Last week, NetHope, Microsoft, and the Rockefeller Foundation co-hosted an executive event at the Microsoft Technology Center in New York to examine how international nonprofits can most effectively leverage (ICT) in pursuit of their missions. The discussion was fascinating and opened up a wide variety of conversations and challenges deserving further attention.
The event was unique in that participants – NGOs, technology companies and donor organizations – represented a wide spectrum of perspectives in the international development space, but all shared a common belief that ICTs can have a meaningful impact on the areas that development organizations seek to address: poverty, disease, conservation, education, disaster response, and gender equality.
From our discussions surfaced the realization that almost every stakeholder in the development community believes in the potential of technology to address these problems — that if we could figure out how to best leverage the power of technology to confront these challenges, we might be able to implement more effective interventions, gain a deeper understanding of the interrelated challenges, and develop sustainable long-term approaches that build resilience and empower local communities.
Perhaps just as important was the realization that technology allows us to gain these insights and adapt approaches with unprecedented speed, breadth and depth. This, too, sparks a difficult question, as not all technologies are suited for all environments or should be applied against any problem. Here is where the partnership between technology companies, donors and NGOs is so valuable: by leveraging the expertise, resources and scale of each, better solutions can be found. This requires all of us working in the development space to be open to new ideas, partnerships, and approaches to tackling these long-standing problems.
Unyielding optimism in face of systemic obstacles & unanswered questions
The desire and drive to work cooperatively is beginning to take shape. Lona Stoll, the Director of USAID Center for Global Solutions (part of the recently-announced Global Development Lab), noted
“USAID can’t do it alone… ICT innovations are changing the face of development. With the establishment of the Global Development Lab, we [will]… open up problem solving development.”
Carolyn Woo, President of Catholic Relief Services (CRS), a NetHope member organization that has been a leader in integrating ICT into its field programs, said that for CRS, engaging with partners, technology companies, and local communities was critical to reaching scale and ensuring sustainability. Getting to systemic integration of ICT was “a journey,” she said, but one that all stakeholders can take together.
These changes are encouraging and will undoubtedly have dramatic impact on the future of international development. But that’s not to say there aren’t any looming systemic obstacles. Several participants noted that progress takes time to take root in a community and show impact and the rapid pace of change in technology often encouraged well-intentioned but misguided investment in “the latest” tools rather than in those that have shown initial promise. All too often, we fail to build on promising pilots rather than take them to scale.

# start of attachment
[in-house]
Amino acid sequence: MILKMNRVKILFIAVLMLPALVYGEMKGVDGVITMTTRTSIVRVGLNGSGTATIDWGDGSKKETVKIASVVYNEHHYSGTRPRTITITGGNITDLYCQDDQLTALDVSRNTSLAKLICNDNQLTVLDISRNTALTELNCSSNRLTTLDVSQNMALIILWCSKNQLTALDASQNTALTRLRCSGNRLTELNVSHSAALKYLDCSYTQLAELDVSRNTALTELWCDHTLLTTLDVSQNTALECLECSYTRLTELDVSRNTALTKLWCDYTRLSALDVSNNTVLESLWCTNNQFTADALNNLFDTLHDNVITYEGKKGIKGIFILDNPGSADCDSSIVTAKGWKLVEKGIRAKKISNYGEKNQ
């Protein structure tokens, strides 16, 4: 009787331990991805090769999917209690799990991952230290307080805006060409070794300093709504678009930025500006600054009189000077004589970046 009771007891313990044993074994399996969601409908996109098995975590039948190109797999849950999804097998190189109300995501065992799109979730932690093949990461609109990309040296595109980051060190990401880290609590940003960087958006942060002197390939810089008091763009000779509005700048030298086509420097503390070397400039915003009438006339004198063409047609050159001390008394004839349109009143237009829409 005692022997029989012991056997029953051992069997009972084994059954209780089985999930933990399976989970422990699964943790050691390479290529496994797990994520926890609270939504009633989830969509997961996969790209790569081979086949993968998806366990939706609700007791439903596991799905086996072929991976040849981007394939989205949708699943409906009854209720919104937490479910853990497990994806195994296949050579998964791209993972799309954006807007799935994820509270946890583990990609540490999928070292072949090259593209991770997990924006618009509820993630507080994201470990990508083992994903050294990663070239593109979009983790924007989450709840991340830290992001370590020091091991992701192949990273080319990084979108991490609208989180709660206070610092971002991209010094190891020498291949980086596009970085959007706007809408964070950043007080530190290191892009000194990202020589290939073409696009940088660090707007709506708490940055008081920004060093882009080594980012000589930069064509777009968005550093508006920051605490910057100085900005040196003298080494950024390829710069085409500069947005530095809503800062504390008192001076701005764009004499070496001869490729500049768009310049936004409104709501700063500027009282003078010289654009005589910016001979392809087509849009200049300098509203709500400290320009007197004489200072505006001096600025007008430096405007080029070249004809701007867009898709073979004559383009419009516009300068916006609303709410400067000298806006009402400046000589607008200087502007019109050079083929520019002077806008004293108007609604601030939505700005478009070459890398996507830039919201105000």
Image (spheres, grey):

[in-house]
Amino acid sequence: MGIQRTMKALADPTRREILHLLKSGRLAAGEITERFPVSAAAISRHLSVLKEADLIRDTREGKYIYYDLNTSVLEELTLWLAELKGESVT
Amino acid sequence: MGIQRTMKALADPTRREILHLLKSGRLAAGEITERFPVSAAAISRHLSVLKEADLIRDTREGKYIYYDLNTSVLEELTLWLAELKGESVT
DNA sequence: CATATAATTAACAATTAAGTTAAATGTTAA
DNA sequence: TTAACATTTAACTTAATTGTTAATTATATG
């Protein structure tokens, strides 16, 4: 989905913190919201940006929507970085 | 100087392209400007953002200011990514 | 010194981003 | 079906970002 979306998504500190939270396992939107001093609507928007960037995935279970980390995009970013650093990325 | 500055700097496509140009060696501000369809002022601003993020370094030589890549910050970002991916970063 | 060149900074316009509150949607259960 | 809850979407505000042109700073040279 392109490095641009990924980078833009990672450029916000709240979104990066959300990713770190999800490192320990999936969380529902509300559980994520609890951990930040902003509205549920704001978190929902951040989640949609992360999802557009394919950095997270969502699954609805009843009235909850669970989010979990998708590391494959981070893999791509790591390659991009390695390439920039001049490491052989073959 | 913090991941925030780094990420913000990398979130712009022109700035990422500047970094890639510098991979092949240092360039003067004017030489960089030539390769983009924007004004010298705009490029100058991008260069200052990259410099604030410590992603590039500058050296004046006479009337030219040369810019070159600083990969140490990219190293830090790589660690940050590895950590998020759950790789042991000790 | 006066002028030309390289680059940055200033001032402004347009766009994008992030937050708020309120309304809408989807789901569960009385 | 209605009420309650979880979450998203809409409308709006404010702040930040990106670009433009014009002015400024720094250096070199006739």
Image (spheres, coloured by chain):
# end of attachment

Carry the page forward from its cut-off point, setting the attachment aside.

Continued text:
Other participants noted that NGOs relative low level of investment in IT has inhibited timely adaptation and flexibility, as donors direct their resources towards field programs rather than enabling infrastructure. And still others added that there is too often a disconnect between “back office” and field technology, and that bridging the gap between the two requires organizations to think differently about how ICT can be used more strategically.
Despite the challenges, there is an undeniable undercurrent of optimism. Organizations are taking concrete steps to create new partnerships and organizational structures. CRS has explicitly included technology in its strategic plan. Rockefeller is looking at “catalytic innovation” to spur new approaches relevant to the development space. And more and more NetHope member organizations are turning to the cloud, technology enabled payment innovations, big data and mobile phones to increase their impact by partnering with companies like Microsoft to bring enterprise-quality approaches to some of the most intractable development challenges.
As I mentioned above, the event opened up a number of key conversations and challenges that demand further attention:
A collective journey ahead
As I reflected on the event in the days after, I was struck by the reality of this period of dramatic change. Every industry, sector, and market goes through times of transformation and innovation, and the development sector’s turn has indeed come. We are in it. New tools and resources, evolving organizational models, new partnership opportunities, the shifting of participants, and the opportunity for scale through the ubiquity of technology all point to an opportunity to reimagine the work that our member organizations carry out every day all around the world.
For some, the change is long overdue; for others, a more calculated and strategic approach is warranted. At NetHope, we’re eager to work with our members and partners to adapt and evolve in response. To paraphrase Dr. Woo, we are all on this journey together.
NetHope thanks Microsoft for its generosity in hosting last week’s event, as well as the representative speakers from Rockefeller, USAID and CRS for sharing their valuable insights. NetHope members can access the event materials at http://bit.ly/nhmsftrockfellernyc2014event